Home Inspections are meant to find major defects that may not be immediately apparent or that Sellers may not know of.
You may think you will save money by forgoing the home inspection during the home buying process, not getting one can cost you a lot more in the long run. Broker/Owner Kathy Sperl-Bell invites attorney Heidi Gilmore of Baird Mandalas Brockstedt, LLC to discuss the important purpose of home inspections when you buy a home in Delaware.
Do I Need A Home Inspection?
Kathy Sperl-Bell: Do I need a home inspection? Hi, this is Kathy Sperl-Bell at Active Adults Realty in Delaware and that’s a question we get often from our buyer clients, especially those that are paying cash because they’re looking at every dollar perhaps. Our advice always is get the appropriate home inspections for the property and location that you’re thinking of purchasing.
Kathy Sperl-Bell: Today, we have Atty. Heidi Gilmore, one of the leading attorneys with Baird Brockstedt Mandalas, and frankly my go-to when I have any kind of questions. Let’s start by asking you to just go over from your perspective as the attorney representing the buyer the true purpose of home inspections.
Heidi Gilmore: Sure and thank you for having me today.
Kathy Sperl-Bell: You’re welcome.
Heidi Gilmore: In Delaware, we have the standard form contract that all realtors use and there’s a variety of inspections that it affords the buyer to have. The caveat in Delaware or the rule that we all follow is caveat emptor, which is the neo-Latin phrase that means let the buyer beware. Your contract is going to afford you the right to do inspections and the purpose of those is to really flesh out what is the true quality of the home, what is the buyer really getting. There’s tests and inspections that the buyer is granted the right to do and the principle of caveat emptor, let the buyer beware, is for the buyer to really figure out what they’re purchasing and so they can have a home inspection, a termite inspection, a litany of them. That’s the real purpose behind having an inspection is to get the buyer aware through that due diligence what is the property quality that they’re receiving.
Kathy Sperl-Bell: But the purpose also is to identify major defects and safety hazards.
Heidi Gilmore: That is correct.
Kathy Sperl-Bell: Not nitpicking. “I don’t really like how that paint is,” right?
Heidi Gilmore: One of the common misperceptions of buyers is they get to point out every little detail, nail pops on the wall, things like that. We’re not looking for cosmetic things. People are going to go in and make it their own personal reflection in the home after settlement and paint and do those other things. But the inspections are meant to find major defects, the roof, the electrical, the plumbing, all those things about the skeleton of the home to make sure it really is good quality and that there isn’t a safety concern after the purchase to the buyer.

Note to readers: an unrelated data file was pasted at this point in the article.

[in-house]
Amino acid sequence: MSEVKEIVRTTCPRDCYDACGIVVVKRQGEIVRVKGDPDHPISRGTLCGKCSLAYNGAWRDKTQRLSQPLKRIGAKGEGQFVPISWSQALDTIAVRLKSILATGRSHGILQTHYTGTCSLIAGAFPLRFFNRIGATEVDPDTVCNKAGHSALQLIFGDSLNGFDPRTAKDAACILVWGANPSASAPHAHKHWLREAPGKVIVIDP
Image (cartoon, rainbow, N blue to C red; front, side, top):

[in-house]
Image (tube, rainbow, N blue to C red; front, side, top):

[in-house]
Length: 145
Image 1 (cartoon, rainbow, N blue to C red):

Kathy Sperl-Bell: In fact often the home inspector will start by saying, “You’re not buying a new home.”
Heidi Gilmore: That’s absolutely right. [crosstalk 00:02:41]
Kathy Sperl-Bell: [crosstalk 00:02:41] The purpose is. Also, when a seller list their home for sale in Delaware, it’s required that they complete a seller’s disclosure which now has a 130 questions.
Heidi Gilmore: 130 questions. Yup.
Kathy Sperl-Bell: At least my agents when they’re listing a home, they really sit down with the seller and go through it line item by line item because some people may not know. But we help them answer to the best of their knowledge. It informs the buyer of anything the seller is aware of and frankly it protects the seller by having them disclose that I know that this is a problem that’s going to have to be addressed.
Heidi Gilmore: Well, let me just interject on that there,
Kathy Sperl-Bell: It’s okay.
Heidi Gilmore: … Because some seller’s disclosures have inaccuracies. Some sellers don’t know really what the question is asking. The three answers on the seller’s disclosure is yes, no and unknown. There could be a lot of unknown just because people don’t know what kind of insulation or electrical system they have. Those questions might not be what the buyer really wants to hear. They want to have an inspection and know exactly what type of amperage they have for the electrical, what type of plumbing do they really have and is it really functioning the way it’s supposed to?
Kathy Sperl-Bell: Exactly. Especially in an older home that can be really critical. The other part is an older home needs to be priced appropriately.
Heidi Gilmore: Absolutely.
Kathy Sperl-Bell: Right?
Heidi Gilmore: Mm-hmm (affirmative).
Kathy Sperl-Bell: Sometimes you find a situation where a home is priced as it if were newer but then you find that some of these nitpicky things are like well … We can negotiate when problems are discovered.
Be sure to check out the next video, Do I Need a Home Inspection Part 2, where we continue the discussion covering radon inspections and more.